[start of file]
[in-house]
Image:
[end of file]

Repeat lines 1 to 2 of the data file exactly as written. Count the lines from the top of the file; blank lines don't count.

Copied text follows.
[in-house]
Image: